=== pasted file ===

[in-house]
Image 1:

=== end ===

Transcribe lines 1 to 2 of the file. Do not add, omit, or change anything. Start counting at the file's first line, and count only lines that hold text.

[in-house]
Image 1: